Some tragedies are bigger than others

A tragedy happened recently in Brazil where dozens of people were killed in an airplane crash. Among them were the players of the Brazilian soccer team, Chapecoense

The entire country was devastated.

On Facebook, people changed their avatar to art designs that showed support to the victims and their families. For weeks others were posting about the magnitude of their pain and their sorrow and how this tragic event brought the country together. It was a collective sadness.

Companies and organizations held memorials and made all sorts of contributions to the team and the families of the players. Friendly soccer games were held to honor them, where the teams playing wore the jerseys of the Chapecó team. The country was united in the willingness to grieve and remember these victims.

It was a great tragedy.

For some reason, however, I wasn’t so struck by this tragedy like most of the country was. I wasn’t grieving, changing my avatar or posting about my sadness. I didn’t go out and buy the team’s jersey to show my support and the accident wasn’t a topic of any conversations that I held with anyone during that time.

To people around me, I seemed apathetic and cold; halfhearted. To them, it seemed that I didn’t care. I wasn’t a true Brazilian, perhaps. I had no empathy. No heart.

It’s funny how distorted people’s perception of us can be.

I cared. Of course I cared. It was a tragedy and it made me sad.

But, I just can’t understand why this particular tragedy seemed so much more important than all the others that happen every day, in every street corner, to so many families.

Families lose their children or parents or loved ones every day. They lose them to murderers and rapists and violent husbands or unexpected strangers. They lose them to drunk drivers and traffic accidents. They lose them to floods and earthquakes. They lose them to tirany and war. They lose them to cancer and AIDS and alcoholism and drugs and depression.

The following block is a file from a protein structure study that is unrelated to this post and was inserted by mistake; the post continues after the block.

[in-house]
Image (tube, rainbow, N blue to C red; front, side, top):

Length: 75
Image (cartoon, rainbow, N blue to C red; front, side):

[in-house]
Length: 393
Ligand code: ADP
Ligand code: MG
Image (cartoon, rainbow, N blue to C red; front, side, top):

Families are torn apart, love is lost, lives are stained, happiness is a blur, suffering is inevitable and mourning becomes breathing.

Most of these tragedies are never known to us, for only the ones who can captivate an audience really make it to the news. Advertising is grateful.

And every time I watch something like this on TV, I cry.

Every. Single. Time.

So, to avoid crying, I don’t watch TV.

I’m not cold.

I actually care too much.

So when a national tragedy like the Chapecó accident happens, I suffer just the same. Just like everybody else.
But I think it is unfair and disrespectful to all the other people in the world who are suffering their own tragedies when one single event is so overexposed and deemed so much more important than everything else.

To me, everyone deserves the same amount of empathy and kindness. Every death deserves to be grieved.

But, to the world, it just seems that some tragedies are bigger than others.

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